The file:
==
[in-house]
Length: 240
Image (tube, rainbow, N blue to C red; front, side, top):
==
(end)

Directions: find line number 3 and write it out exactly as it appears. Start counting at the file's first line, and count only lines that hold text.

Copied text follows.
Image (tube, rainbow, N blue to C red; front, side, top):